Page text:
YOLO COUNTY -- While some kids in Yolo County are enjoying a rare warm day of sunshine in what's been a soggy, gray winter, there's a young teen from Honduras who can only see that sunshine from behind the walls of the county juvenile detention center.
"This kid...he turned 14 in jail. At his age, he should be thinking about homework and friends. He should not be thinking about when if ever he should not be behind bars for the quote on quote crime of fleeing child abuse," said Seth Saunders.
Saunders works with a group called Indivisible Yolo - it's slightly democratic leaning but aims to hold all politicians to a high standard through grassroots action.
It's a group gearing up for a Tuesday rally in support of the young Honduran who's been known publicly only as G.E.
"He played by the rules here. He was granted asylum by the federal government on January 10. According to the rules of the federal government, the Office of Refuge Resettlement (ORR) what is supposed happen is that the child is then supposed to be put into foster care ... into the hands of child protective services and that didn't happen."
According to lawyers and federal social workers handling G.E.'s case whom Saunders has met with, no one seems to know exactly why.
Details Saunders says he's been made privy to match published reports that the teen left his home in Tegucigalpa, Honduras sometime last year - running away from horrible abuse.
He made it to the Texas border in March of 2016, caught trying to cross illegally, totally alone.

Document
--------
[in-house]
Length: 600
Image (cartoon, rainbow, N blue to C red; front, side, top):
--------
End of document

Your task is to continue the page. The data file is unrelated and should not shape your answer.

He has no family or friends in the U.S.
We're told despair over his past has prompted the teen to try and harm himself repeatedly, requiring him to be held in a locked facility.
The juvenile detention center in Yolo county is one such place where that can happen.
Beth Gabor, spokesperson for the county, could not comment on the case directly but did send FOX40 a statement.
"As we understand it federal law requires the ORR to continue to detain a child even after he or she is granted asylum until a suitable custodian can be located. ORR's obligation is to find a safe and appropriate placement for such a child that takes all of his or her social, behavioral and mental health needs into consideration." reads part of Gabor's statement.
For Saunders, a bible professor at U.C. Davis, there is a greater consideration.
"Leviticus 19," he said.
"It says you shall not wrong the stranger or the immigrant. You shall love them as yourself because ye yourselves were strangers in the land of Egypt."